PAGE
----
A century later, still waiting for an official apology

SENATOR MOBINA JAFFERMAY 23, 1914, was a shameful day in Canadian history. May 23, 1914, was the day that the Komagata Maru, a ship carrying 376 people of South Asian descent, sailed from Japan to the shores of British Columbia. Unfortunately, after spending over a month at sea, the 12 Hindus, 24 Muslims and 340 Sikhs, all of whom were eager to start a new life, were denied entry into Canada.

For two long months 376 passengers were forced to stay on board a ship. Not only was it made clear that their presence in our country was unwelcome by the pleasure crafts that passed by to ridicule the “Hindoo invaders”, Canadian officials also denied passengers very basic necessities such as food and water. For 63 days all of those on board the Komagatu Maru lived in extremely confined spaces fighting hunger and dehydration.

They waited patiently hoping that they would be granted entrance into Canada, a country which they believed would provide them with opportunity and a new beginning. Unfortunately, after spending over two months on Canadian waters, the Komagata Maru, and almost all of those on board were forced to return to Asia.

The Komagata Maru incident occurred during a time in Canadian history where there was a deep-seated prejudice against minorities and immigrants, particularly those who were of South Asian descent. Unfortunately, these prejudices were supported by law for during this time there existed a Continuous Passage Act, which stated that South Asians were only allowed to enter into Canada if they had made a continuous voyage without any stopovers.

This particular clause was implemented in an attempt to stop South Asian immigrants from entering Canada for at this time it was not possible for a ship to travel continuously from India to Canada. Although those on board did abide by this law by departing directly from Japan to Canada without stopping over, the fact that they were still denied entry is a reflection of the racist and discriminatory attitudes that were prevalent at this time.

On August 3, 2008, Prime Minister Stephen Harper apologized to the South Asian community about the Komagata Maru incident. However the fact that this apology was not delivered in the House of Commons is unacceptable.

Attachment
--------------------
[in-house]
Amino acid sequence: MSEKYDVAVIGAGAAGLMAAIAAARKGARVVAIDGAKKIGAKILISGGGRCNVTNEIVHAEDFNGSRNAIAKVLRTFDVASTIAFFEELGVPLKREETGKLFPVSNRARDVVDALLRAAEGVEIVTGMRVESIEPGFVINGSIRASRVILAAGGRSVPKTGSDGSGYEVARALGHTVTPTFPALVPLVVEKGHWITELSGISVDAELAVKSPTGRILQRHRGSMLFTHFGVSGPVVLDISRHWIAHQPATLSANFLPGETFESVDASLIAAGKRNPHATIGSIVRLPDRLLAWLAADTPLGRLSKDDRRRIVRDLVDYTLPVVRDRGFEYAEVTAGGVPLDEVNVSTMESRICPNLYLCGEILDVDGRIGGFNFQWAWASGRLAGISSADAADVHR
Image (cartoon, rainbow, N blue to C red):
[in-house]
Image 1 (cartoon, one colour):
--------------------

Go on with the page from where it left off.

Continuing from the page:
On June 21, 2011, I introduced a motion in the Senate of Canada to ask the government of Canada to formally apologize for the Komagata Maru incident. Sadly, the government voted down the motion; but I have not been deterred by this setback. Minority communities have always had to fight long and hard to gain formal recognition on matters like the Komagata Maru. It is not an easy task, but I gain strength from communities who have had to face similar fights and have eventually gained successes.

Historically, the government has extended official apologies in Parliament to acknowledge injustice and wrongdoing. For example, in June of 2010, Prime Minister Harper delivered an official apology to those Aboriginal people who were victims of the Canadian residential school system. Similarly, in 2006, Prime Minister Harper delivered an official apology to those Chinese-Canadian’s who were unfairly taxed when immigrating to Canada.

The 376 passengers on board the Komagata Maru as well as all of those people who were negatively affected by the racist and discriminatory immigration policies that existed at this time also deserve an official apology.

The Canada I know is a country that embraces multiculturalism and welcomes people from all walks of life. The Canada I know prides itself on treating people of all races, religions and creeds with fairness, respect and dignity. Although the Komagata Maru incident happened a century ago, it represents a very sad time in our country’s history.

I have heard from over 10,000 fellow British Columbians, who have all expressed to me that they would like to be given the same respect that has been extended to other groups and receive an apology in Parliament. It is my sincere hope that we will continue debating this important issue both in the Senate and in the House of Commons, and urge our Government to do the right thing and deliver an apology to the South Asian community and to all of those affected by the 1914 Komagata Maru incident.